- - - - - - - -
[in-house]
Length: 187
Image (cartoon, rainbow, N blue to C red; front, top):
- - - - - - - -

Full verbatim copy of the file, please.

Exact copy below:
[in-house]
Length: 187
Image (cartoon, rainbow, N blue to C red; front, top):